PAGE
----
“We are desperate”: Students with disabilities left without solution as pupils return to school

The term is beginning all over Europe, and yet many children and teenagers with intellectual disabilities don't have the right to go to school as other pupils.

“We are desperate”: Students with disabilities left without solution as pupils return to school

Wanting to get an education, but not receiving it: This is the sad reality for tens of thousands of children and teenagers with intellectual disabilities in Europe, according to Inclusion Europe, an organisation advocating for the rights of people with intellectual disabilities. As the term begins in most European countries, pupils with intellectual disabilities still have not found a school which would accept them, are ostracized in “special schools” or only allowed to attend at reduced hours. The situation is now being called out in countries such as France and Ireland, while reports of violence and abuse continue not being dealt with in Romania:


According to the European Centre for the Rights of Children with Disabilities, in Romania, over 31.000 children with disabilities are segregated in 176 special schools, and nearly 18.000 receive no education at all. Most of those who do attend school are victims of cruel, inhuman and degrading treatment by teachers and support staff including beatings, sedations, prone restraint etc. Despite high numbers of registered criminal complaints (in 30% of Romanian counties), so far no action has been taken by the government.


Romania is not the only country facing problems when it comes to inclusion at school:


“The waiting period is 4 years”


In France, parents and students have started opening up about the stumbling blocks put in their way on the website “marentree.org”: The platform gathers testimonies of students with disabilities and their parents, and speaks about “thousands of French children with a disability who cannot go to school like others”. For example Evangelline, 7 years, who has an intellectual disability in addition to autism and ADHD. She does not attend school: “Evangelline is on the waiting list for a special school. But the waiting period is 4 years, and the school has told us that it would be a complex task for them to receive our daughter.”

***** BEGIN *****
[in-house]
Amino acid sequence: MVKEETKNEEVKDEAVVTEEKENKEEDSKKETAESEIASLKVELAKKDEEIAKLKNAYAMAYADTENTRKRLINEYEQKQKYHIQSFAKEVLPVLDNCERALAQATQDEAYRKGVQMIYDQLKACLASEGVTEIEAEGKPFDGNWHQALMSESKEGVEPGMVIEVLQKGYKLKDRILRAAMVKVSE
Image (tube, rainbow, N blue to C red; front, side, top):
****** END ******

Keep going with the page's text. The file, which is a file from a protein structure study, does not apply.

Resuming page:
A parent of Abdoul Rahmane, 16 years, who has Down syndrome and autism, explains: “He stays at home with me without any care since kindergarten where I had to fight for his integration. […] We are desperate.”


In Ireland, on the other hand, the widespread “reduced timetable” system may breach children’s constitutional rights, according to organisations such as Inclusion Ireland which have recently started campaigning on the issue. The situation affects children of travellers and many children with special needs. Within the system, children may be considered “present” even if they only attend school for 1 hour or less, and the practice is “neither reported nor recorded”. The issue is currently under examination – but until further action is taken, children continue to be put on a reduced timetable to manage behavioural issues or when schools see themselves unable to meet their needs.


Inclusion at school: often not well executed


Other examples from Norway, Finland or Lithuania show that inclusion at school is often not well executed, with a lack of resources and training preventing pupils from accessing the school closest to them, forcing them to attend only part-time or opt for a special school which may be far away from their family. “The right to education is clearly stated in Article 24 of the UN Convention for the Rights of Persons with Disabilities”, explains Jyrki Pinomaa, President of Inclusion Europe. “Any restriction of this right is a direct violation of the UN CRPD.” Inclusion Europe asks all European countries to allocate the necessary resources so all pupils can attend the school of their choice, without being discriminated against because of their disability.

About Inclusion Europe

Inclusion Europe is the European movement of people with intellectual disabilities and their families. With 74 members in 39 European countries, it represents over 7 million Europeans with intellectual disabilities and many millions of family members and friends – altogether, more than 20 million people. The organisation has 30-year track record in defending the rights of people with intellectual disabilities and their families on the European level. Part of Inclusion Europe is EPSA, the European Platform of Self-advocates.

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